Former Secretary of Defense Donald Rumsfeld came out of retirement to testify at the House Oversight and Government Reform Committee to discuss the investigation into the killing of Army Ranger Pat Tillman. He should have stayed home.
He sat in that room and lied. He lied knowing that Pat's mom, Mary, his dad, brother and widow were sitting behind him. There are no words to adequately describe the contempt I have for these so called men who come to Congress with little regard for a family's search for the truth. These men who had taken the job of leading this generation of men & women who entrusted them to respect their service to their country. These men do not deserve to call themselves leaders because they failed their men and women when they failed to tell the truth about this war before it started and they failed to tell the truth to the Tillman families and many other families who were denied the truth. History will judge them to be so much less than the leaders they purport themselves to be. History will also judge them to be small men with small minds and smaller hearts.
This hearing was another example of these people using their personal dictionary to define words as they see fit. Rusmfeld says there was no coverup.
What is a coverup if not ordering a young soldier to not tell the Tillman family the truth when he attended the memorial service in Pat's home town, 11 days after he was killed.
What is a coverup if not Lt General Kensington sitting at that same memorial service- he knew the whole truth on that day and he failed to tell the family and the nation the truth?
What is a coverup if not Army commanders recommending Pat Tillman for the Silver Star for gallantry in action, while withholding evidence of friendly fire from his family for five weeks?
And when the president plays the executive privilege card because he doesn't want to say what he knew and when he knew it, it is a coverup, I don't care what he wants to call it.
What is a coverup if not Lt. Gen. Stanley McChrystal sending a high-priority "Personal For" on April 29, 2004, to Gen. John Abizaid and two other generals, warning that Tillman's April 22, 2004, death was likely friendly fire. The cable urged them to contact "POTUS" (the president of the United States) "in order to preclude any unknowing statements by our country's leaders which might cause embarrassment if the circumstances of Cpl. Tillman's death becomes public."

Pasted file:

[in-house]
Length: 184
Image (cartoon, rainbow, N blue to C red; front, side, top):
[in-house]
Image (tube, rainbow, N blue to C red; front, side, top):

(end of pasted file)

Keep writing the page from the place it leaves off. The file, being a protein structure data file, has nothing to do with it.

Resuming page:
Gen. Richard Myers, former chairman of the Joint Chiefs of Staff, acknowledged discussing with his public affairs director how "we portray this situation" to the news media. And still when asked why he did nothing, he responded "I don't think there's any regulation that would require me to do anything," Myers said. "This is the responsibility of the United States Army, not the office of the chairman, so I regret that the Army did not do their duty here and follow their own policy." In other words, "not my problem" If chairman of the Joint Chiefs of Staff believes that, then why would any other military leader believe they should step forward for anything that is not being done right? Let's not stand up for those soldiers and their families who look for leadership to do the right thing, because no, it's not my responsibility. It's pathetic, really.
Rumsfeld said The Tillmans were owed the truth, delivered in a forthright and timely manner. And certainly the truth was owed to the memory of the man whose valor, dedication and sacrifice to his country remains an example for all." Of course they are owed the truth, but if Rumsfeld thinks the family believed him at the hearing or any other time or anything that is being offered the family as truth, Mary Tillman responded by saying "it is a complete donkey show. "I believe that this (the cover-up and misinformation about Tillman having been killed by friendly fire) came from (former Defense Secretary Donald) Rumsfeld," Mary said. "And they're just protecting him. . . . The public doesn't understand what is going on. No matter what has been put out in the news, it hasn't made a dent in what actually took place. Nobody quite understands how nefarious this is. I can tell you that there wouldn't be this big show of punishment if there wasn't something to this."
People tell us Gold Star families to get over it, get on with our lives; your loved one is never coming back. They ask us why the truth matters and that we are disrespecting our loved one's death by not accepting what the military has told us. We are the voices of our loved ones who can no longer speak. The Tillman family deserves our gratitude for their persistence and courage in holding those responsible who do not have the same moral courage. The military seems to think we can't handle the truth, but as Mary Tillman rightfully said "all you have is the truth."